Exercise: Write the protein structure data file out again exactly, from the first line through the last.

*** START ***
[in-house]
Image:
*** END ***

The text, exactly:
[in-house]
Image: